A Stone’s Throw

 

Now is the time to walk on water, supported above liquid depths by a frozen plain. This ice demands respect. I listen . . . again, look again; attentive to any k r a a ck or yielding to my weight.

Today Leverett Pond’s surface is more solid than a hardwood dance floor, and much thicker. Skaters glide along the distant southern shore or gather in spinning clusters. A lone ice-fishing hut sits to the north. Dark centers of drilled holes mark yesterday’s chosen spots.

Stand still with me. Listen. Ga-loop. A distant plo-o-rp. A muffled gal-oosh. Water undulates beneath ice and us.

It is another cloudless February day. At 3 p.m. sunlight seems to emanate from above and below, as if raying through the crystalline lattice underfoot. Kneeling with my eyes a few inches from the surface, I lose any sense of depth, of refracted distance, to a sense of motion arrested. Air bubbles halt in mid-ascent. One, two, three white oak leaves lie within the ice as if on invisible descending steps. They are suspended for a time above the lake bottom. Resembling fossils—though they’ll likely never make it that far.

The recent past lies beneath me; these marcescent leaves plucked and carried here by January’s heavy winds. Just inches away, they are out of reach. I kneel in the next stratum.

Ice at the end of the pond

Ice’s edge, Leverett Pond, western Massachusetts.
Photo by Lauret Savoy.

I am thinking about time, not as an abstract idea but of how its passage, of how memory of any form, becomes inscribed upon the land. I was told at the age of five that even the smallest pebble contains the history of the world. Told this while I held a tiger-eye that glowed as if on fire. So this I believed, and my bedroom drawers quickly filled with stones.

I first unearthed fossils from outcrops in a college geology field course. My hammer edge split apart bedding planes of shale to reveal a burial ground of an ancient sea. Brachiopods, trilobites, crinoids, bryozoa—all invertebrates, all broken. The professor’s casual, over the shoulder, “That’s a death assemblage” did not diminish the magic. Mine were the first eyes to behold this scene formed perhaps 450 million years earlier. But I held only one small piece of the archive of life and death on Earth, not the entire history of the world.

It’s a fragmentary archive to be sure; not every species that lived is fossilized. And preserved bodily remains are only one part of what we call the fossil record. Trace fossils, for instance, are forms left by movement or activity. Trails crawled, burrows dug, tunnels excavated; in search of food, at rest, in hiding. The German word lebensspur, “life mark,” seems fitting.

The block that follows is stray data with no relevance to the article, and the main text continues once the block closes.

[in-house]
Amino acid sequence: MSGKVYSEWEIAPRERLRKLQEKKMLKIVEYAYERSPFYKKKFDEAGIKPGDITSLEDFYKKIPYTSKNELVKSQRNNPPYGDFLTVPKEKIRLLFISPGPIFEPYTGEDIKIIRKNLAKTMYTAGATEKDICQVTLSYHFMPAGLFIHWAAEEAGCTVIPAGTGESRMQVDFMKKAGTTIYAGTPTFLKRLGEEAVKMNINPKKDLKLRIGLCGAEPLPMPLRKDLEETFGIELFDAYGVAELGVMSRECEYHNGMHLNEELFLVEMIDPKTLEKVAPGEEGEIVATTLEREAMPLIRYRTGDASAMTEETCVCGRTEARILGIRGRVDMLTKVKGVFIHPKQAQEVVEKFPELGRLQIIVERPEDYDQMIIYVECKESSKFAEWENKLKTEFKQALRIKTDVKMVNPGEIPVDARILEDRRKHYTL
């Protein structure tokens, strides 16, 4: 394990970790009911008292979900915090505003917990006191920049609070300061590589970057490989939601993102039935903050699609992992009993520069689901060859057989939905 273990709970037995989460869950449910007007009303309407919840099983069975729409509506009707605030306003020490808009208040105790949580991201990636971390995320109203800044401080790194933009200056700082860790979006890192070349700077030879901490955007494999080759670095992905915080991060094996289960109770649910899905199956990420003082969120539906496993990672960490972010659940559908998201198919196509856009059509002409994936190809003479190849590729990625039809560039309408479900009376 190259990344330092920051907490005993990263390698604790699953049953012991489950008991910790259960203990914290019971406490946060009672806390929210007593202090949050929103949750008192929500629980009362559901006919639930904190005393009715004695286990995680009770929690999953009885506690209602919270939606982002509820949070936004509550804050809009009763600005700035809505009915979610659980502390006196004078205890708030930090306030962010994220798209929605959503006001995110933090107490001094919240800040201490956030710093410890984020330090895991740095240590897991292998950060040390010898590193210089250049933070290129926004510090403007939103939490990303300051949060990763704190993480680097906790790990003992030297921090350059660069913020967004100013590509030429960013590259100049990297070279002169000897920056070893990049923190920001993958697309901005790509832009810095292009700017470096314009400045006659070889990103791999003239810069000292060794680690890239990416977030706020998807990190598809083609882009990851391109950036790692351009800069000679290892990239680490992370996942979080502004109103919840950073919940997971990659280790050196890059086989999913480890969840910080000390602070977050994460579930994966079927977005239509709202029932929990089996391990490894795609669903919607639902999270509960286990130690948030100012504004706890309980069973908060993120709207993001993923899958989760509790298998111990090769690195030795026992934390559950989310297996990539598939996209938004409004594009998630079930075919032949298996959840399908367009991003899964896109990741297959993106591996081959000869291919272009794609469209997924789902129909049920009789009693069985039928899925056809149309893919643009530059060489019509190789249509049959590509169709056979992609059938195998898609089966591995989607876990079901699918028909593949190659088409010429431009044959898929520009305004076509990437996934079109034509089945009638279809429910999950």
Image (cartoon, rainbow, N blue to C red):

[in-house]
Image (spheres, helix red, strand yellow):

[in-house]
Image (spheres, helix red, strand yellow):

Those in the fossil business often speak of “bias”: preservation bias, collector bias, bias due to incompleteness of the rock record. The paths that once-living organisms—whether clams or dinosaurs—embark on to become fossils, few rarely complete. Decay or disintegration destroys more than not. Then, too, paleontologists tended to collect fossils that were accessible rather than remote. More collections came from loose sediment than solid rock. And, the rocks exposed at Earth’s surface do not chronicle all of Earth’s past.

Third-graders with scissors would have liked helping James Gilluly show this in 1969. Then in his 70s, and as ever the independent scientist, Gilluly cut apart large geologic maps of North and South America. The maps displayed each continent’s bedrock and sedimentary cover in colored patterns based on age. He cut out and separated each patterned area. Then Miss Vertie Smith, whom he called “a skilled chemist of the U.S. Geological Survey,” weighed each age-heap of map fragments. From these weights Gilluly estimated continental outcrop area of different-aged rocks. However crude the approach, these snipped-apart maps gave a “rough measure” of the diminishing completeness of the geologic record with the passage of time. Gilluly recognized a crucial aspect of Earth’s past. Not just that younger rocks buried older rocks, but that younger rocks largely came to be by “cannibalizing of the older.” Earth’s material completeness was impossible. Tectonic upheavals and unending erosion saw to that. We’ve always lived among relics and ruins of former worlds.

We also are all potential fossils. But the geologic odds are against our mortal remains withstanding the sequence of preservation ifs over millennia. Post-mortem transitions from biosphere to lithosphere guarantee nothing. Eluding decay is only the first step.

What remains of our lives in the passage of time? Where are memories kept?

 

Leverett’s stone walls